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Judge clears way for fingerprint evidence in trial

ALBUQUERQUE, N.M. — Fingerprint evidence and related testimony will be
allowed in the capital murder trial of an Arizona fugitive accused of carjacking
and killing a retired Oklahoma couple, a federal judge ruled Thursday.

Attorneys for John McCluskey had sought to have the key evidence thrown out,
arguing that any testimony based on fingerprint comparisons done by a
complicated automated system would be unreliable.

The motion claimed the mathematical system used to match the prints to
McCluskey has an error rate of 50 percent, a standard too low to guarantee his
right to a fair trial.

U.S. District Judge Judith Herrera ruled the defense filed the motion too late.
She said the defense also failed to explain why it waited until the eleventh
hour, “leaving the court with the impression that the delay was tactical.”

Herrera said the defense would be able to point out the system’s limitations
during cross examination.

The legal wrangling related to the testimony of fingerprint expert Bonnie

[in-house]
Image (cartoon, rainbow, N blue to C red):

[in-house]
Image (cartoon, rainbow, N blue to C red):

Knoll, who was called to the witness stand Thursday.

Prosecutors say Gary and Linda Haas of Tecumseh, Okla., were targeted by
McCluskey, fellow escaped inmate Tracy Province and accomplice Casslyn Welch at
a rest stop near the Texas-New Mexico state line on Aug. 2, 2010. The trio
allegedly wanted the couple’s truck and travel trailer.

After being carjacked at gunpoint, the couple was forced to drive west on
Interstate 40 before pulling off on a two-lane road, where they were ordered
into the trailer and shot, court documents state.

The trailer was then taken to a more remote location, unhitched and burned with
the bodies inside.

Authorities later found the Haases’ stolen truck in Albuquerque. Court
documents allege the three suspects bought paper towels and brake fluid to wipe
away any fingerprints. A brake fluid canister and keys were found in the truck’s
cup holders, and plastic wrap from paper towels was found on the floorboard.

Prosecutor Greg Fouratt said during opening statements on Monday that evidence
would show fingerprints found on the plastic wrapper belonged to McCluskey. He
said experts were also able to identify Province’s fingerprints.

Province and Welch pleaded guilty to charges of carjacking resulting in death,
conspiracy, use of a firearm during a violent crime and other counts. They are
expected to testify during McCluskey’s trial.


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